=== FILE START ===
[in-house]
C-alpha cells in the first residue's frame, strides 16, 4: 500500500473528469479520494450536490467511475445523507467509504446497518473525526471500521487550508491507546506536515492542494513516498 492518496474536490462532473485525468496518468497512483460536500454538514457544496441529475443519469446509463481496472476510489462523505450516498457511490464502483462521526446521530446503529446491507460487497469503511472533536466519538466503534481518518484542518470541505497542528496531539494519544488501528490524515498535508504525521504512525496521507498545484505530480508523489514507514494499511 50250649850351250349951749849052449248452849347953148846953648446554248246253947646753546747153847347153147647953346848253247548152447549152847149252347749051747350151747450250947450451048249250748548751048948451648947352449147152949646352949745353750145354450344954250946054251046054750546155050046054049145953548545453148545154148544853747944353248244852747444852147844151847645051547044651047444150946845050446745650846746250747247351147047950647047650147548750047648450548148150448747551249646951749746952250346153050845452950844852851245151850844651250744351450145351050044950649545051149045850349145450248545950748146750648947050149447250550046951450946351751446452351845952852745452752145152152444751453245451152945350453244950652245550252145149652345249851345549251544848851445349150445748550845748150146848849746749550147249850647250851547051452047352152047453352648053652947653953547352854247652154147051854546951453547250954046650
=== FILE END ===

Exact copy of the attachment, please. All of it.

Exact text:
[in-house]
C-alpha cells in the first residue's frame, strides 16, 4: 500500500473528469479520494450536490467511475445523507467509504446497518473525526471500521487550508491507546506536515492542494513516498 492518496474536490462532473485525468496518468497512483460536500454538514457544496441529475443519469446509463481496472476510489462523505450516498457511490464502483462521526446521530446503529446491507460487497469503511472533536466519538466503534481518518484542518470541505497542528496531539494519544488501528490524515498535508504525521504512525496521507498545484505530480508523489514507514494499511 50250649850351250349951749849052449248452849347953148846953648446554248246253947646753546747153847347153147647953346848253247548152447549152847149252347749051747350151747450250947450451048249250748548751048948451648947352449147152949646352949745353750145354450344954250946054251046054750546155050046054049145953548545453148545154148544853747944353248244852747444852147844151847645051547044651047444150946845050446745650846746250747247351147047950647047650147548750047648450548148150448747551249646951749746952250346153050845452950844852851245151850844651250744351450145351050044950649545051149045850349145450248545950748146750648947050149447250550046951450946351751446452351845952852745452752145152152444751453245451152945350453244950652245550252145149652345249851345549251544848851445349150445748550845748150146848849746749550147249850647250851547051452047352152047453352648053652947653953547352854247652154147051854546951453547250954046650